Montagu's literary reputation rests chiefly on her erudite but entertaining correspondence, particularly the "Turkish Embassy Letters," although her contemporaries also "took her verse very seriously," according to Grundy. Such arbiters of literary taste as Pope, Lord Hervey, Horace Walpole, and Voltaire numbered themselves among admirers of her poetry. In the nineteenth century critics generally received Montagu's letters better than her other writings, especially her poetry, which most rejected as unpoetic. Twentieth-century scholarship has scrutinized her canon for feminist impulses and orientalist elements, yet again with slight attention given her verse. Montagu is considered a minor poet, but several critics have described her poetry as competent if not brilliant. Grundy suggested that "today Lady Mary's poems need no apology," adding that the range of her poetic forms is "remarkable." As Carol Barash recently noted, "Montagu remains the one eighteenth-century woman poet of whom there is both a standard edition and a critical biography."
Court Poems 1716
An Elegy to a Young Lady, In the manner of Ovid… With an answer. By a Lady, author of the Verses to the Imitator of Horace [with James Hammond] 1733
Verses Address 'd to the Imitator of the First Satire of the Second Book of Horace [with John, Lord Hervey] 1733
The Dean's Provocation for Writing the Lady's Dressing-Room 1734
* Six Town Eclogues. With Some Other Poems 1747
The Poetical Works of the Right Honourable Lady My—W—y M—e 1768
† Essays and Poems and Simplicity, A Comedy 1977
Other Major Works
"A Plain Account of the Inoculating of the Small Pox by a Turkey Merchant" (essay) 1722; published in newspaper The Flying-Post; or, Post-Master
Letters of the Right Honourable Lady M—y W—y M—e: Written, during her Travels in Europe, Asia and Africa, to Persons of Distinction, Men of Letters, &c. in different Parts of Europe. 3 vols. (letters) 1763
†† The Nonsense of Common-Sense (essays) 1947
††† The Complete Letters of Lady Mary Wortley Montagu. 3 vols. (letters) 1965-67
*This work includes the earlier Court Poems.
††This work contains the play Simplicity, an adaptation in English of Pierre Carlet de Chamblain de Marivaux's Le jeu de l'amour et du hasard (1730).
‡This work was published as a periodical in nine numbers from 16 December 1737 to 14 March 1738.
††† This work is also known as "Turkish Embassy Letters."
SOURCE: An introduction in Essays and Poems and Simplicity, A Comedy, edited by Robert Halsband and Isobel Grundy, Oxford at the Clarendon Press, 1977, pp. 171-75.
[The following excerpt appears as the introduction to a collection of Montagu's work titled Essays and Poems and Simplicity, A Comedy. Grundy, one of the editors of the collection, discusses the construction of Montagu's poetry canon and specifically the selections that she made for this volume.]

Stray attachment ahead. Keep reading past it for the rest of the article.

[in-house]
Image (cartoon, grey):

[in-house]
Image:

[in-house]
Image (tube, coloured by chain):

Throughout her life Lady Mary liked to refer to herself as a poet, often with a touch of irony or self-deprecation. At fifteen or so she confessed to the folly of having 'trespass'd wickedly in Rhime', her confession taking the form of an eight-line poem. At sixty-nine she described herself as 'haunted … by the Dæmon of Poesie'.
Her contemporaries took her verse seriously. John Sheffield, Duke of Buckingham, referred to her fame in a 'sessions of the poets' piece. Many of the voices raised to honour her are suspect—seekers for her patronage or protesters against Pope's satire. Admirers who carry more weight included the young Pope himself, who longed to read her 'Sonnets'; Lord Hervey, who got her verses by heart; Horace Walpole, who found them as first 'too womanish' but later 'excessively good'; the distinguished foreigners Antonio Conti, who translated them into Italian, and Voltaire and Algarotti, who quoted them; and perhaps most surprising of all, Lord Auchinleck, father of James Boswell. Late in this chorus of praise, resisting the new definitions of poetry to which he had himself contributed, came Byron, demanding of the fourth stanza of 'The Lover', 'Is not her "Champaigne and Chicken" worth a forest or two? Is it not poetry?' [Letters and Journals, 1898-1901]. The nineteenth century in general (Words-worth, Leigh Hunt, Walter Bagehot) thought it was not. George Saintsbury ruled out poetry, the true diamond, when he wrote that her 'verse flashes with the very best paste in Dodsley' [The Peace of the Augustans, 1916].